Text is from the “Made in the Valley” Exhibit at the Wood Museum of Springfield History
Dr. John Breck founded Springfield’s Breck Company in 1930 after years spent formulating specialty shampoos. He at first hoped to cure baldness, a condition which he himself was concerned about. Although John Breck is credited with developing one of the first liquid shampoos in 1908, and later introducing the first ph‑balanced shampoo in 1930, it was his son Edward Breck who took the Company national and under whose management the “Breck Girl” advertising campaign was born.
Previously, Breck products were sold exclusively in beauty salons in the New England area and advertising appeared only in trade publications. This all changed in 1946 when the Company began nationally distributing and advertising its products. During the 1930s Edward Breck had tapped famed commercial artist Charles Gates Sheldon for the Company’s advertising art. Charles Sheldon was born in Worcester, studied in Paris, and trained under the famous poster artist Alphonse Mucha. He was also living and working in Springfield at the time. Sheldon was already well known for his portraits of movie stars for Photoplay magazine, his early covers for Parents, and his advertising art for Fox Shoes and Fiberloid toiletry items. Sheldon’s pastel portraits for Breck depicted wholesome, poised, and ultra feminine women made more beautiful by their use of “Beautiful Hair Breck” products. Breck family members, neighbors, and employees of the Company were most often used as models for the campaign. Upon Sheldon’s retirement, another artist, Ralph William Williams was hired and his first Breck Girl appeared in 1957.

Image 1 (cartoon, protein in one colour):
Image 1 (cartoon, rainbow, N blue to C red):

By the 1960s, Breck Shampoo enjoyed a full 20% market share of all shampoo and hair care sales. The elegant, and by now familiar, gold foil packaging was just as recognizable as the Breck Girls themselves. Baby care products had also been added, and the “Breck Baby” line soon had its own following.
Over the years the Company changed hands, at first acquired by the Shulton Division of American Cyanamid in the early 1960s and then later by the giant Dial Corporation in the 1990s. Although the Breck Company no longer exists, its many original portraits and business records do survive. The Springfield Museums currently have a collection of six portraits, and more can be seen at the Smithsonian National Museum of American History.